I promise I am going to get better about blogging (for real), and I have a few really great blog posts in the work! I started the business nearly two years ago, and as things continue to grow for The Ruby Apron, and I meet new people, I get asked a few questions frequently – it’s funny how those questions can take me right back to the beginning, so I thought I would answer some of them on here.

  • Where did I get the name The Ruby Apron? Why don’t I wear a ruby apron? My grandmother was Ruby, so it actually has little to do with a ruby coloured apron! In Ireland, this blog was a part of most days, and I really wanted to keep the word “apron,” in the name of my business. It took a bit, but finally between my mum and I we came up with The Ruby Apron, and I love it. I knew I wanted Lydia to do my logo, she does most of the illustrations for Ballymaloe, and I really love her style. I joke that Ireland is my local too, and I am so glad Lydia did my logo for me. I had a good idea of what I wanted, and she nailed it!
  • Why food? To be honest, when I went to cooking school, I didn’t really have any intention of working in food… It just sort of happened. I never wanted to be a restaurant chef, I knew that. I love what I am doing now, and am so lucky to be able to teach what I love. I love being able to share something so simple with people – see below.
  • Why local? We live in Alberta, and although I don’t have a history of farming in my family, it is part of Alberta. I think there is something so simple and humble about supporting the people who work so hard to grow incredible food right here. We live in a world where we are (scarily) disconnected from how food is produced and how it should taste – in all steps of the way. We live in a world where there is growing conversations on our environment – and one huge way we can be mindful of this, is by supporting local farms who are doing right by the soil, and where food isn’t being trucked or flown miles to get to us. To me, supporting local just makes sense. I also believe that if you buy from people you know, you want to honour their work, and will take care in how you use the ingredients, how you eat them, you’ll waste less, and you’ll enjoy it more.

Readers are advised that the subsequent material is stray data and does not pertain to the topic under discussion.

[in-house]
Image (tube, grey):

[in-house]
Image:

• Why bread? I have said it before, and will devote an entire blog post soon to bread. But there is something about bread – it is simple – flour, water, and salt, it takes time, it’s a science and an art, it’s nutritious, it’s delicious, and it’s like a little bug that you catch, it never gets old.
  • This next answer comes from a few different questions I’ve recently been asked, and it was slightly an ah-ha moment for me as I started to answer these questions and kept coming back to this… The goal of The Ruby Apron was to inspire people – whether it’s getting back into to the kitchen, learning a skill they’ve wanted to for a while, reconnecting with food, or simply just going to a market to shop, or thinking about where their food comes from and how it goes from an ingredient to a meal. I think there are so many things in our society with food that are sad (rather than teaching kids where a carrot comes from or that food doesn’t come in a plastic wrapper, we are teaching them words like “fat,” “gluten,” and “protein,”… But I also think we are disconnected from eating. I grew up in a family where we ate dinner together at the table most nights, my mum and dad entertained and we were part of that, we went to market gardens, farmers markets, we grew a garden, we were in the kitchen when mum was cooking, these are all things that I am so thankful for. When we were doing all of those things, guess what, mum didn’t have a phone out snapping photos of us, sitting down to quickly post it. When we sat down at the table, dad wasn’t on his phone looking at the hockey score. When mum was cooking and my brothers and I were watching, we didn’t have some gaming device in front of us, or the TV in the corner on (because guess what, we only had one TV in the house, and it wasn’t in the main living space). So guess what, we had to talk, or play a game. My point is – we live in a world where we can’t sit down and eat together without technology – I will admit, I am on technology too much, but we still don’t have our phones at the table, we still talk about our day when we eat together, not on our laps, or in the car, but at the table– isn’t it sad that this is a rare thing?


As I said, I am going to post more on here, and keep you updated with what’s going on, share recipes and ideas, too. Next blog post coming soon – on another topic I have been asked a lot about – sourcing flour, after the scare with some of the more well-known brands of flour, people are asking questions. I will share why and how I source my flour, and why I think it’s such an important thing in my kitchen, stay tuned!